Wells Fargo (NYSE:WFC) recently joined JPMorgan Chase (NYSE:JPM), State Street (NYSE:STT), Goldman Sachs (NYSE:GS), Bank of America (NYSE:BAC), and others by repurchasing its TARP preferred stock from the government. Investors should ask: So what? Is the stock now a better investment?

To recap, Wells Fargo raised $12.25 billion by selling 490 million new shares. That represents a little more than 10% dilution to existing shareholders. That money, along with cash on hand, was used to repurchase $25 billion of TARP preferred stock.

Cash flow and earnings impact
Wells Fargo was paying $1.25 billion per year in dividends on that preferred stock. That cash is now available for other purposes. Wells Fargo's common stock pays an annual dividend of $0.20 per share, so those new shares represent an expense of about $100 million per year. Net cash flow from the deal is $1.15 billion per year, or $0.22 per diluted share.

It was estimated that Wells Fargo would earn $1.83 per share in 2010. The dilution from the additional shares brings that down to $1.66 per share. Add the $0.22 above, and the total comes to $1.88 per share. That's a slight gain even after the dilution (and being conservative by dinging the earnings for incremental dividends), assuming analyst estimates are close.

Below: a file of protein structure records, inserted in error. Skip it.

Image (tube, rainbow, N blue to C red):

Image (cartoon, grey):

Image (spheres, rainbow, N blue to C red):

Balance sheet
On the asset side of the balance sheet, the bank raised $12.25 billion and paid out $25 billion, for a net cash reduction of $12.75 billion. Wells Fargo was carrying the TARP preferred stock at a touch more than $23 billion. How about that -- mark-to-market on a bank's balance sheet!

The decreases in assets and liabilities net out to a $10.3 billion increase in book value. Even after the dilution, that works out to a slight increase in book value per share.

Summary
The reduction in payouts more than cancels the dilution in earnings. Similarly, the percentage increase in book value is about the same as the dilution, leaving book value per share with a slight increase. Based on those two parameters, I'd say the CEO kept his promise to repay TARP "in a shareholder friendly way."

Pulling out the ol' crystal ball, it's reasonable to expect that Wells Fargo will increase its dividend and start a share buyback program when large loan-loss provisions are no longer a staple of quarterly earnings reports. The capital raise/preferred buyback puts a damper on future dividend hikes, because the increase will need to be spread over more shares.

In addition, the reduction in cash does leave the bank with less capital to make loans, acquisitions, or other investments that might increase shareholder value.

Changes from the TARP repurchase are minor, and the net result for investors is essentially no change in Wells Fargo's prospects. The wait for normalized bank earnings is still uncertain, and the TARP payback does nothing to change that.

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Fool contributor Russ Krull owns shares of Wells Fargo, but no other companies mentioned in this article. The Fool has a disclosure policy that has never needed a government bailout.